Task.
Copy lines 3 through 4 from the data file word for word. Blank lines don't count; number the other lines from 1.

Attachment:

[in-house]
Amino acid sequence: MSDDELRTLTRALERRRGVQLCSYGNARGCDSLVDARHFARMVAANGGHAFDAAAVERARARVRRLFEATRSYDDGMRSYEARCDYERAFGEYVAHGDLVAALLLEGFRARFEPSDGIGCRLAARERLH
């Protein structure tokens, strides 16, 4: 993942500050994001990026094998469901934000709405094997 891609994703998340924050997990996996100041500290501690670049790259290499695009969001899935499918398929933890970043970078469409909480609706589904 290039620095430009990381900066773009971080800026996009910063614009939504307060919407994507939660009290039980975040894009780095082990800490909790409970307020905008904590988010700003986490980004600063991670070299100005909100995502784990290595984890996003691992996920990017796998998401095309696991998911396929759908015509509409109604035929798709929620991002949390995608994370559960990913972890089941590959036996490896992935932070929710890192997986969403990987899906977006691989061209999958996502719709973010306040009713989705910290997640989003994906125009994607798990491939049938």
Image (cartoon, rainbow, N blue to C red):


């Protein structure tokens, strides 16, 4: 993942500050994001990026094998469901934000709405094997 891609994703998340924050997990996996100041500290501690670049790259290499695009969001899935499918398929933890970043970078469409909480609706589904 290039620095430009990381900066773009971080800026996009910063614009939504307060919407994507939660009290039980975040894009780095082990800490909790409970307020905008904590988010700003986490980004600063991670070299100005909100995502784990290595984890996003691992996920990017796998998401095309696991998911396929759908015509509409109604035929798709929620991002949390995608994370559960990913972890089941590959036996490896992935932070929710890192997986969403990987899906977006691989061209999958996502719709973010306040009713989705910290997640989003994906125009994607798990491939049938």
Image (cartoon, rainbow, N blue to C red):